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June 16, 2017

Trump administration slashes education budget to fund school choice

  • The Trump administration’s proposed budget, released on May 22, 2017, included deep cuts to a large number of federal agencies and initiatives which sought to compensate for trillions of dollars in tax cuts, a sizable military buildup and a renewed investment in infrastructure.
  • The budget that the White House released is a wish list only — Congress can pass spending and appropriations bills.
  • The budget proposed to significantly reduce Education Department spending by approximately $9.2 billion, or 13.5 percent. It is the biggest proposed cut since the Reagan administration attempted to significantly scale back department spending in the 1980s. The cuts would be spread across K-12 and higher education.
  • Most of the cuts to existing Education Department programs would fund a $1 billion grant program to provide K-12 students with vouchers to leave neighborhood schools for other public schools or private schools. This idea is known as “school choice” and is heavily promoted by Secretary of Education Betsy DeVos.
  • Many opponents to school choice are concerned that it would siphon money from poorer public schools to wealthier public schools or even private and religious schools.
  • The education budget for fiscal year 2018 can be found here; below are some of the most significant and hotly debated propositions.

  1. State grants for career and technical education (CTE) would be cut by $166 million and funding for the $1 billion federal work-study program would be cut in half.
  2. It would seek to spend about $400 million to expand charter schools and provide vouchers for private and religious schools as well as an additional $1 billion to encourage states to adopt school choice-friendly policies.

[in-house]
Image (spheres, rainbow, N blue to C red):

3. Many smaller programs aimed at specific populations of students would be axed. These cuts would include $12 million for talented and gifted student programs, $12 million for the Special Olympics, $65 million for Native Hawaiian and Alaska Native students and $27 million for arts education.
  4. Federal student loan programs would face significant reductions. The budget would take steps to end federal subsidies for student loans. Currently, for students who qualify, the government pays interest on student loans while they are still in school.
  5. In addition, the public service loan forgiveness program, in which about half a million people are enrolled, would be eliminated. It allows public servants — such as teachers, firefighters, doctors and people engaged in government work — to have the remainder of their student loans forgiven after 10 years of regular qualifying payments.
  6. A small program for child care for college students additionally faces funding removal.
  7. Former Secretary of Education John King, who served under the Obama administration, called the education budget “an assault on the American dream” and said that it would make it more difficult for students to attend and finish college.
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